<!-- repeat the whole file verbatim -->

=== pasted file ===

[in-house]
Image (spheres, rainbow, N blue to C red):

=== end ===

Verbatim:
[in-house]
Image (spheres, rainbow, N blue to C red):